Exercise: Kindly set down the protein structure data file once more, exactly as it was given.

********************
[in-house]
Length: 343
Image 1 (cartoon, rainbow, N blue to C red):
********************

[in-house]
Length: 343
Image 1 (cartoon, rainbow, N blue to C red):